Eric Swalwell is out: The 2020 Democratic field gets (slightly) smaller
And then there were 24.
Congressman Eric Swalwell (D-Calif.) will reportedly drop out of the 2020 presidential race, concluding a campaign that had struggled to stand out in the crowded primary field, according to the Los Angeles Times.
He will instead run for re-election in California’s 15th Congressional District based in East Bay.
The announcement comes less than a week after Swalwell abruptly cancelled five Independence Day-themed campaign events in New Hampshire, a crucial early primary state.
The Californian struggled to attract national attention or popular support from the very beginning of his campaign, never polling above 1 percent and often failing to register at all in national polls.
Swalwell appeared on the second night of the Miami Democratic debates, notably admonishing frontrunner and former vice president Joe Biden to “pass the torch to a new generation of Americans” and attacking Mayor Pete Buttigieg’s handling of a police-involved shooting in South Bend. Ironically, Buttigieg had become a favorite of wealthy Bay Area donors while Swalwell remained obscure.
While the campaign’s finances have yet to be disclosed to the FEC, digital records show that the Swalwell campaign spent heavily on digital advertisements, spending nearly $109,000 on Facebook ads and $33,000 on Twitter ads. He had $1.7 million left over from his 2018 congressional race, a war chest far smaller than that of most of his Democratic rivals.
In the days following the debate, Swalwell was questioned by CNN anchor John Berman and attributed his polling woes to his lack of speaking time during the debate.
“Yeah, it’s early. You know, I got about four minutes total to talk. Others like the vice president and, you know, people who are polling higher right now talked for about 12 to 13 minutes.”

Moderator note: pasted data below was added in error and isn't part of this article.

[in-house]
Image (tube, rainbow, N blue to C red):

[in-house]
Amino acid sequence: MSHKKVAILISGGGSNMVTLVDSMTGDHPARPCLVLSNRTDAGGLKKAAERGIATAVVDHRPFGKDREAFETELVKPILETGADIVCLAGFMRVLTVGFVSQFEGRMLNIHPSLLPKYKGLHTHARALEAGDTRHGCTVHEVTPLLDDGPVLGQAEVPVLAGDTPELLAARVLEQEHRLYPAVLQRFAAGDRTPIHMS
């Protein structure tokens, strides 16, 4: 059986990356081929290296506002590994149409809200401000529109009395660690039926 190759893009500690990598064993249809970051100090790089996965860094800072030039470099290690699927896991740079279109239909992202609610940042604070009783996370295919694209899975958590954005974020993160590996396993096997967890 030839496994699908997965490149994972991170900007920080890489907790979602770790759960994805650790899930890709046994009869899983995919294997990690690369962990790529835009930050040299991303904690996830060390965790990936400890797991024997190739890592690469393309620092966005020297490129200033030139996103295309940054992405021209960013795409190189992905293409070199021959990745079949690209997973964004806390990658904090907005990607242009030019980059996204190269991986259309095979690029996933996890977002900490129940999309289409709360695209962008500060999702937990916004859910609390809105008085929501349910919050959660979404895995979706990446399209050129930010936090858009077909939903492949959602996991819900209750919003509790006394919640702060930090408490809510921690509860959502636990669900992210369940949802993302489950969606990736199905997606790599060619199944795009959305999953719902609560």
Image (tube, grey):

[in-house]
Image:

Swalwell’s campaign was centered around gun control. The candidate released a comprehensive eight-part plan to tackle gun violence in America, notably calling for a ban and buy-back of all semiautomatic weapons and increased regulations on gun manufacturers. Influential gun control groups such as Everytown for Gun Safety Action Fund and Moms Demand Action for Gun Sense in America publicly applauded Swalwell for his positions on gun issues.
Swalwell appeared unlikely to qualify for the July Democratic debates, with Montana Governor Steve Bullock pushing him out of the final qualifying spot.
Swalwell had been open about retaining the option of returning to run for his current congressional seat, telling The Hill, “I hope to be part of the field as it shrinks. If I don’t, I’m going to be realistic about my options.” Unlike the governors and senators he ran against in the primary, Swalwell needed to drop out by December 2019 to mount a re-election bid.
He will be the presumptive frontrunner in the race and will face Republican entrepreneur Peter Yuan Liu and Democratic Hayward City Council member Aisha Wahab in California’s unique “top two” primary. Wahab had previously left open the future of her campaign open should Swalwell decide to seek re-election.
Note (7/8): Eric Swalwell confirmed his departure from the race in a press conference late Monday afternoon. He announced that he will indeed seek reelection for his House seat, saying, “Today ends our presidential campaign, but it is the beginning of an opportunity in Congress with a new perspective.”
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